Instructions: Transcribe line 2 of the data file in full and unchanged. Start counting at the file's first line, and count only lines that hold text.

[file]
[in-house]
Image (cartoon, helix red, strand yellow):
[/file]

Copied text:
Image (cartoon, helix red, strand yellow):